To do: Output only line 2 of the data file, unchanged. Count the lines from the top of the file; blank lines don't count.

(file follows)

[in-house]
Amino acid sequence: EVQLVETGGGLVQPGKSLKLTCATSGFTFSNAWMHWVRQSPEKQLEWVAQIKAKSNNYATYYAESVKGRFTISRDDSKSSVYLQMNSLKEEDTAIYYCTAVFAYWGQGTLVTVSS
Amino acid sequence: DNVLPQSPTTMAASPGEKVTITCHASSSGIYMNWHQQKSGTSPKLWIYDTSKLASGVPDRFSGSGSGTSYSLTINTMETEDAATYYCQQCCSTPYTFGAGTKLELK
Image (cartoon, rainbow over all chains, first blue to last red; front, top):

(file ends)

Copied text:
Amino acid sequence: EVQLVETGGGLVQPGKSLKLTCATSGFTFSNAWMHWVRQSPEKQLEWVAQIKAKSNNYATYYAESVKGRFTISRDDSKSSVYLQMNSLKEEDTAIYYCTAVFAYWGQGTLVTVSS